Illustration for article titled Your Rational Love of Whiskey Is (Thankfully) Demolishing Vodka Sales

It appears as though whiskey sales are increasing to the point where they're surpassing vodka sales, and there's an infographic more touchingly beautiful than anything any alcoholic artist ever produced to prove it.


The Wall Street Journal reports that all the flavors they're adding to vodka just haven't done the trick: what people want isn't some boring, clear beverage – they want something with flavor and color. (Conversely, flavored whiskeys are doing quite well. That's because everything whiskey is better than everything vodka.) Sales of bourbon and Tennessee whiskeys made in the U.S. rose 7.4 percent in 2014.

[Knocks one back]

Total U.S. vodka sales increased 1.9% in 2013, compared with 2.7% growth in the wider spirits industry, according to industry body IWSR—the first time since 2000 that vodka has underperformed the sector average. Analysts expect a similar result when 2014 figures are released.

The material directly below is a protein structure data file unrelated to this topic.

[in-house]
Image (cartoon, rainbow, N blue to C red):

[Winks at that cute bartender for another]

Once seen as an exciting alternative to the brown spirits favored by their parents, vodka is now viewed as too mainstream for newly legal drinkers in the U.S., analysts say.

The Huffington Post gloms on with the theory that whiskey sales have increased partially because women are diggin' it, citing slightly insane pieces that talk about women drinking whiskey like the history of women drinking alcohol is limited to Sex and the City's popularization of The Cosmo.

But this isn't about gender. This is about smarts. As my father used to say, people who like vodka don't like drinking. Do you like whiskey? Congrats. You're on the right side of history.


Image via Ron Case/Keystone/Getty

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